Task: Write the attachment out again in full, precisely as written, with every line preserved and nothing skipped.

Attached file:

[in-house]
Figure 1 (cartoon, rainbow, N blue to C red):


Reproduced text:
[in-house]
Figure 1 (cartoon, rainbow, N blue to C red):